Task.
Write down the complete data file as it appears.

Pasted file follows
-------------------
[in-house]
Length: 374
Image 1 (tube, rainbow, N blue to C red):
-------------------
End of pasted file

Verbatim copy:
[in-house]
Length: 374
Image 1 (tube, rainbow, N blue to C red):